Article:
Bridging the AM Skills Gap: How the Education Sector is Transforming Additive Manufacturing22 May 2018
The education sector is playing an ever-greater role in the development of new additive manufacturing technologies and processes. As universities increasingly establish 3d printing labs to further their research and production efforts, both students and academics alike are exploring the new possibilities afforded by additive manufacturing. So in what ways can the education sector transform AM?
As part of our series exploring the impact of additive manufacturing on various industries, today we’re taking a look at the current applications of 3D printing within education, and how the sector is transforming AM.
Education: Bridging the AM skills gap
Additive manufacturing is currently suffering from a skills shortage, and this has been one of the barriers to the wider adoption of AM. Although more universities are equipped with 3D printing labs and are offering more degrees in additive manufacturing, there remains a shortage of multidisciplinary educational programmes aimed at producing the next generation of AM professionals, particularly in the area of design.
It’s here that universities and research institutions can play an important role in plugging the skills gap, by developing programmes developed to educate students on how to handle the particular demands of additive manufacturing. Design for additive manufacturing, for example, requires an entirely new approach to product design, due to the singularities of additive technologies. Knowledge of the various additive technologies, range of materials and process considerations are therefore crucial in developing the next generation of AM designers and engineers.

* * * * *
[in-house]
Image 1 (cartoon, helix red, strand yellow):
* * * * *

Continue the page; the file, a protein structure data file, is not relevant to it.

One university seeking to solve this gap is Loughborough University, which has launched its new Masters’ programme, aimed at educating students about the design considerations for additive manufacturing. As other universities create and implement their own AM-specific programmes, students will be able to gain a better understanding of how to approach design for additive manufacturing, including how advanced tools such as topology optimisation can be used to enhance the design stage.
A fertile ground for research
Today, higher education institutions are at the forefront of innovative research into new additive manufacturing techniques and materials. Much of the research conducted significantly contributes to furthering development of applications across a range of industries, encouraging manufacturers to explore the benefits of AM.
Faster AM systems